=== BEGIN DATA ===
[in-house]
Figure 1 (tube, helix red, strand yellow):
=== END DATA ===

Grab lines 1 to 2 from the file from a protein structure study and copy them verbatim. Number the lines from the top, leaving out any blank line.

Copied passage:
[in-house]
Figure 1 (tube, helix red, strand yellow):